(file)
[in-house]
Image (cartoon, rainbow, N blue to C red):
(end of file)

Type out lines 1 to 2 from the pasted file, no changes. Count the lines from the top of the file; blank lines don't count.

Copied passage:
[in-house]
Image (cartoon, rainbow, N blue to C red):